LFS-6.0 print process

Jeroen Coumans jeroen at linuxfromscratch.org
Thu Jul 8 07:43:08 PDT 2004

Ian Molton said the following on 08-07-2004 12:31:
> Let me expand on that...
> unstable can not just become stable - we've tried this and it doesnt work.


> Jeroen says make testing from stable. I dont see the point, as this just duplicates unstable in a slower manner.

Testing is an intermediary development line which tries to be as stable 
as possible so it can be released. It makes sense to start from a known 
stable release and merge changes from unstable into that branch, it 
would reduce testing time and wouldn't duplicate known fallacies in 
unstable (such as hotplug). Subversion makes this really easy. It 
doesn't duplicate unstable since it only merges known "stable" changes.

> testing should be where we distill the best parts of unstable and test / stabilise them, ready to become the next stable.

Yes, and rather then add another branch, it would be much easier to work 
from stable.

> If we dont want people to develop on the bleeding edge, why did we bring the BELFS people back into the book? we should have let them go and carried on plodding along in stable with our original development model.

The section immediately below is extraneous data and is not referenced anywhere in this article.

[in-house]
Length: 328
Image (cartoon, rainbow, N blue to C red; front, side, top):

> But it was enar unanimous - we wanted BELFS work to be done in the context of LFS.

For me, release management is very different from development 
management. For development, we've chosen to go all the way to the 
bleeding edge. Unstable really means unstable, and is what BE-LFS was. A 
release on the other hand needs testing and QA procedures. Especially 
when the release needs to get printed. Normal development occurs on 
unstable, and testing is just the merging of stable changes.

> So, which is it to be?
> 1) Accept we need to change the development model and merge with BELFS
> 2) Keep our heads in the sand and carry on our old way, and let BELFS go its own way

I don't see why this choice needs to be made. BELFS is already 
incorporated in our development model. The only thing we need to work 
out is our release management:
1) testing branches from stable and merges from unstable
2) testing branches from unstable and is beat-up until it's stable

Jeroen Coumans

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